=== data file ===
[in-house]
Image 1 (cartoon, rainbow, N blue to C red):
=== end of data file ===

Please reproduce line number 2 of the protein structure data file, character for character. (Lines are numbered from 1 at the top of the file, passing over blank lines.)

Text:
Image 1 (cartoon, rainbow, N blue to C red):